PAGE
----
Farmers undertake deweeding operations at a wheat field in Nanyang, Henan province. Xiong Yunbin / for China Daily
Reserves, stable policies to ease crop concerns after recent weather woes
BEIJING - China's summer grain output, which accounts for about a quarter of the annual food yield, will continue its growth trajectory this year despite the recent weather vagaries and ease fears on the inflation front, analysts said on Thursday.
Ample State reserves and stable agricultural policies will continue to keep grain prices steady this year, with limited impact seen from the fluctuations in global wheat prices, said analysts.
Wheat, which accounts for the bulk of the summer grain output, is expected to have yields that are slightly better than last year, Han Changfu, China's agriculture minister said on Tuesday, without providing specific figures.
"Data collected from the provinces and areas are under calculation and the total output is yet to be calculated," Han Jun, director-general of the rural economy department at the Development Research Center under the State Council, told China Daily on Thursday.
Summer grains are the main food source for people in northern China and together with paddy and corn has a 3 percent weightage in the Consumer Price Index, a key gauge of inflation.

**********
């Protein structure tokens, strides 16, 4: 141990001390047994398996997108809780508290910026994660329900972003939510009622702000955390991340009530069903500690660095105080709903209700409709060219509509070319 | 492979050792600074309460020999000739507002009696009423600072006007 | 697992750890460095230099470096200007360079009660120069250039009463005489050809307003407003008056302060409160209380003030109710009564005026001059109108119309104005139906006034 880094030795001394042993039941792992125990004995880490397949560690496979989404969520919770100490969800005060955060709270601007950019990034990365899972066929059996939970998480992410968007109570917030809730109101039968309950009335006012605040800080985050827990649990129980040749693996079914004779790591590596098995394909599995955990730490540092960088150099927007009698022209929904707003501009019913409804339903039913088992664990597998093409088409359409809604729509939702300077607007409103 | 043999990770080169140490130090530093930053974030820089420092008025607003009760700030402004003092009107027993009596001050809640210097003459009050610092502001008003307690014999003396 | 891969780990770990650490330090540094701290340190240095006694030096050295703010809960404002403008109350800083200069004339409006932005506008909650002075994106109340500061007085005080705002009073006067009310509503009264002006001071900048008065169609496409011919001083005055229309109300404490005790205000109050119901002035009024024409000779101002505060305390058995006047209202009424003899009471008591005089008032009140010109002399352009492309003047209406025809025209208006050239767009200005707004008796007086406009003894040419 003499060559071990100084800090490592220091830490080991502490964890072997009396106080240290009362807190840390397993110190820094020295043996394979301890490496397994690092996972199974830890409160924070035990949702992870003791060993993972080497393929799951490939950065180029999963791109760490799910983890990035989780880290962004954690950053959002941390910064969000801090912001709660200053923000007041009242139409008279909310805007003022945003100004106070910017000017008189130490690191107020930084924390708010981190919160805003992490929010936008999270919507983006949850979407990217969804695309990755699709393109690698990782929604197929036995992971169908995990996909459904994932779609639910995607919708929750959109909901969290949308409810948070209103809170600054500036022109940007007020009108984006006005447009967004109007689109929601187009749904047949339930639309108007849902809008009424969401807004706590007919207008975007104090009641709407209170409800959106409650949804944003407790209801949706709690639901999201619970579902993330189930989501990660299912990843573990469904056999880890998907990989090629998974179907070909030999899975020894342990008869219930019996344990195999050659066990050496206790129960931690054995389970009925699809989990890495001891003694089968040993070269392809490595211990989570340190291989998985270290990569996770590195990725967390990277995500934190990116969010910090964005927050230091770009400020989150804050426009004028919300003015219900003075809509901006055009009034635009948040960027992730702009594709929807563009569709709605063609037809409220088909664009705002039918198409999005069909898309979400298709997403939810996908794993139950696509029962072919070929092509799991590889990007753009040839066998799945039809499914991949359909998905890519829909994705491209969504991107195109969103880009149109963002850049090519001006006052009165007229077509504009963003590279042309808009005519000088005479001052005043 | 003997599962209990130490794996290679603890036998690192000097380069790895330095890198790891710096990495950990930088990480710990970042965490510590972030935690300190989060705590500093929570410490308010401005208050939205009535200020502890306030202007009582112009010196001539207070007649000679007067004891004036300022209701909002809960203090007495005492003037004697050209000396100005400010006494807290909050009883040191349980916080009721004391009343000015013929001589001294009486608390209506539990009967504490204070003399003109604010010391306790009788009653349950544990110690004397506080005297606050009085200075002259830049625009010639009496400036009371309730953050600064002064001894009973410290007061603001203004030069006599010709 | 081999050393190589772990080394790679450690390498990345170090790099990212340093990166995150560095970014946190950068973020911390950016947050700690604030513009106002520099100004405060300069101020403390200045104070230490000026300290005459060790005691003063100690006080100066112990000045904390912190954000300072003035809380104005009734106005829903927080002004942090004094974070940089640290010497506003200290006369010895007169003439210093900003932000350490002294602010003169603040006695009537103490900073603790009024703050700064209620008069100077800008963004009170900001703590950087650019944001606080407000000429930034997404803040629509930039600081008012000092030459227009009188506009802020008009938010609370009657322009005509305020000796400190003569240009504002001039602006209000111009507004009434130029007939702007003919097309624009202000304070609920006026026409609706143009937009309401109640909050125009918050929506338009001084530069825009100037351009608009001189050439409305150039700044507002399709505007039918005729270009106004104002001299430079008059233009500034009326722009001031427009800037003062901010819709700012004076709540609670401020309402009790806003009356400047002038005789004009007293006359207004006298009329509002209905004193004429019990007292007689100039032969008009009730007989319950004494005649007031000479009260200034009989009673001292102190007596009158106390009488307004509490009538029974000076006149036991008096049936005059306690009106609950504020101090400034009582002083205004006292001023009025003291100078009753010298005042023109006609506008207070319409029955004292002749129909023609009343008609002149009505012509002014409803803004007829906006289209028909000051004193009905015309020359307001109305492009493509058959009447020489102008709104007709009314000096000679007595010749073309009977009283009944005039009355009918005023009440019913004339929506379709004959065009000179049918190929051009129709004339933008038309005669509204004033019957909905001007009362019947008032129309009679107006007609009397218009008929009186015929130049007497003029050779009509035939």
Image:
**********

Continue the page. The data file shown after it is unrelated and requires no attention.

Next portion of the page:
Due to the serious drought in southeastern areas and cold weather in northern and eastern China during winter and spring, there were apprehensions that the wheat crop in these areas would be damaged and cause price hikes and inflation.
"Even if China harvests less wheat this year, prices will remain stable due to the huge reserves and protective grain policies," said Hu Bingchuan, a researcher with the rural development institute of the Chinese Academy of Social Sciences.
He said the government owns huge wheat reserves after yields grew for the six consecutive years till 2009.
The overall yield of summer grain was 123 million tons in 2009, up 2.2 percent year on year, according to government statistics.
The speculative trends seen in the grain and vegetable markets will not last, as most of the commodities are seasonal products, he said. Prices of garlic and green soybeans have already started to decline.
Though the weather vagaries will not affect overall output, they will hurt the wheat quality in some areas, thereby providing a niche market for US wheat, said Jing Zhuocheng, an analyst with Shanghai CIFCO Futures Co.
A report released by the US Department of Agriculture last month said China may import about 900,000 tons wheat during the 2010 to 2011 period.
Han said China will still remain a net wheat exporter, and international prices will have a limited impact on domestic prices.
"Except for soybeans, international grain prices have a very limited impact on China's grain prices," Han said.